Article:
Technical Syllabus for 8th Kup

Technical Syllabus for 8th Kup

If you’ve been practicing the exercises in the previous syllabus of regaining your balance after simple kicking exercises, you will be ready to go onto the next stage of adding multiple moves. If you cannot kick and come back to a balanced position easily, don’t worry. Practice until you can and then continue with this new technique.

KEY TIP: Whenever you step into a stance while simultaneously executing an upper body technique. Your technique should hit the target at the same time as your foot makes contact with the floor. By doing this action all together the momentum you create by stepping forward increases your overall power. If you step and then make contact the majority of power is therefore lost.

EXERCISE: Execute a front snap kick and retract your leg to a good strong balanced position. Prepare for a punch. Try stepping into a forward stance and executing your punch at the same time. Remember to practice on both sides.


  • High rising block.
  • Middle section outer block. (opposite to previous syllabus)
  • High rising block, punch. Alternate hands.
  • Double punching.


  • Back stance.
  • Outer middle section block in a back stance.
  • High rising block, reverse punch in a forward stance.


  • Front snap kick, land in a fighting stance.
  • Turning kick, land in a fighting stance.
  • Front snap kick, turning kick, land in fighting stance.


When learning one-step sparring for the first time it is extremely difficult to coordinate until you understand the attacker’s role and the defender’s role. By breaking each task down and understanding what you are doing it will make it easier to learn until you grasp the concept.

Attacking Position

  • Basic movements of one-step sparring. The attacker steps back with right leg whilst executing a low section block over the knee. When they are called by their partner they must quickly step forward and deliver a high section punch.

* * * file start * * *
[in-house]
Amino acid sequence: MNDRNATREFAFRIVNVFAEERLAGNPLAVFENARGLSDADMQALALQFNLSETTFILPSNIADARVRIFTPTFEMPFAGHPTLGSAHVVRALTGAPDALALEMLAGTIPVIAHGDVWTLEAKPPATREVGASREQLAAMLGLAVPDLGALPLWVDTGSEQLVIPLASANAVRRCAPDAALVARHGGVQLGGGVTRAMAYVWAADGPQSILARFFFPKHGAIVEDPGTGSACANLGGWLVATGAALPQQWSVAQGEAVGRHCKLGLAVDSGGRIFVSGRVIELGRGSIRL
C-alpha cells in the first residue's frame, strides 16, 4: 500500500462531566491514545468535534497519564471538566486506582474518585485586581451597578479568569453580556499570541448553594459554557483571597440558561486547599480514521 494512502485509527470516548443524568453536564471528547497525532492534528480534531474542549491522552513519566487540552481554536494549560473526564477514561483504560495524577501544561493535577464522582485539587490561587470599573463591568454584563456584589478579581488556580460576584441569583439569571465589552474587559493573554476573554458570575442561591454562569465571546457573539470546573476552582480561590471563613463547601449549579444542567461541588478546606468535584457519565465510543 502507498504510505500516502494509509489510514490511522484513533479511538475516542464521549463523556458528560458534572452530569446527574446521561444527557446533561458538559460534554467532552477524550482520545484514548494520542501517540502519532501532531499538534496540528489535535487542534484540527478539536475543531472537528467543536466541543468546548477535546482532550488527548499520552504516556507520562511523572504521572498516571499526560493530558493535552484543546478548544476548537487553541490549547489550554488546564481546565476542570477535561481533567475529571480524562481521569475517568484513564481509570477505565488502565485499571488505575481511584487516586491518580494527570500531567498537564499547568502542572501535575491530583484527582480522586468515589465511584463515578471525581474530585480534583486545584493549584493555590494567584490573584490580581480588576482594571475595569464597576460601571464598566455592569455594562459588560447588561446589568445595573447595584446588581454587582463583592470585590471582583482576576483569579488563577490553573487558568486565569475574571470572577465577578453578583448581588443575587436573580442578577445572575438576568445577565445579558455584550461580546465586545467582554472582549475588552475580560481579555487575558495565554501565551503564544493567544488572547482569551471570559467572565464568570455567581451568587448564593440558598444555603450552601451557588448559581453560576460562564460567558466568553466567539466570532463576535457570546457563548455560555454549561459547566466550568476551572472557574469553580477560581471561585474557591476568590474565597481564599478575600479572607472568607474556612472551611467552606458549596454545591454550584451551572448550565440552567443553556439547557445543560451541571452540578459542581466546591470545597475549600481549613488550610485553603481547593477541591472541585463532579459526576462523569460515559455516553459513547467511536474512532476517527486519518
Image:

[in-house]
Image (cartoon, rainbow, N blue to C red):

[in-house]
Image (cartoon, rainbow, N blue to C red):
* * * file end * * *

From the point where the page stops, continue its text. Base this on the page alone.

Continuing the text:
Tips to remember:

  • A common mistake is stepping back so that the heels become in a straight line. This will mean you lose all your balance so will not be able to move quickly into the punch. Ensure you are in a forward stance.
  • Always make sure your punch has reaction force and is on target (upper lip).
  • Always ki-hap (shout) to let your partner know you are ready to attack.

Defending Position

  • The defender’s role is to evade the punches by moving and blocking and then performing a counter attack at the end. The most crucial part about defending is stepping that is why the previous exercises are so important. If you cannot step quickly with balance you will get hit.


From your ready position try stepping quickly with balance left foot to right foot. After you are confident add on a block. Then try different stepping techniques and a variety of blocks so you are confident with your blocking technique.

  • Move your left foot to your right and block high section outer block.
  • Take it in turns with both legs to step backwards into a back stance to move your head away from the punch. When you are happy you are in a correct back stance and your weight is proportioned properly (70% of your weight pushed backwards over back leg) try adding on a high section outer block. Remembering to block wrist on wrist.

Tips to remember:

  • Most beginners when concentrating on the block totally forget their stepping and lower body. Practice each sequence one step at the time, then when you are technically correct you can add speed.
  • Whenever blocking you should always block your partner’s wrist. The higher up the arm you make contact the harder it is to deflect their power.
  • Always make eye-contact with your partner when executing your techniques to maintain control and balance.
  • Always ki-hap (shout) on your final counter attack to let your partner know you have finished.


  • Take fighting stance. Concentrating on keeping the weight on the balls of the feet, jump up (not too high) and change your stance as well as your hands. Try to stay on the spot. Keep practicing until you are confident that when you land you have control over your balance and that you would be able to either step quickly or counter-attack in some way.
  • Try stepping forward and backwards quickly and in a straight line.